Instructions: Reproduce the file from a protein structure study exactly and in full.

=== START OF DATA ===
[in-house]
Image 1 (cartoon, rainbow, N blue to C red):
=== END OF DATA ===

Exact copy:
[in-house]
Image 1 (cartoon, rainbow, N blue to C red):